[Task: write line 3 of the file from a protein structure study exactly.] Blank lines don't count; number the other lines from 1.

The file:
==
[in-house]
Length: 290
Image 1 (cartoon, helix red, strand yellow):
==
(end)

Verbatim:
Image 1 (cartoon, helix red, strand yellow):